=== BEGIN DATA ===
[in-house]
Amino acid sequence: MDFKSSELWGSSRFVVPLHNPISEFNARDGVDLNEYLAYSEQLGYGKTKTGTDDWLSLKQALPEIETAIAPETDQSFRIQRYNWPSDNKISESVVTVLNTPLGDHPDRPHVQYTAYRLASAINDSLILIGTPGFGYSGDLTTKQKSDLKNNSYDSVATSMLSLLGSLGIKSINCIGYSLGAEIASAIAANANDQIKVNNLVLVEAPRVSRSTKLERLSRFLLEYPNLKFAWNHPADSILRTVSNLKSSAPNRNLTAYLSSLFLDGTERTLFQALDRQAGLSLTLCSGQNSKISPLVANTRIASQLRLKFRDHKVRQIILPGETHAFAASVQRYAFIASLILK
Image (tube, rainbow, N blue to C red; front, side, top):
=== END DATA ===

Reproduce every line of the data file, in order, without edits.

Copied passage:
[in-house]
Amino acid sequence: MDFKSSELWGSSRFVVPLHNPISEFNARDGVDLNEYLAYSEQLGYGKTKTGTDDWLSLKQALPEIETAIAPETDQSFRIQRYNWPSDNKISESVVTVLNTPLGDHPDRPHVQYTAYRLASAINDSLILIGTPGFGYSGDLTTKQKSDLKNNSYDSVATSMLSLLGSLGIKSINCIGYSLGAEIASAIAANANDQIKVNNLVLVEAPRVSRSTKLERLSRFLLEYPNLKFAWNHPADSILRTVSNLKSSAPNRNLTAYLSSLFLDGTERTLFQALDRQAGLSLTLCSGQNSKISPLVANTRIASQLRLKFRDHKVRQIILPGETHAFAASVQRYAFIASLILK
Image (tube, rainbow, N blue to C red; front, side, top):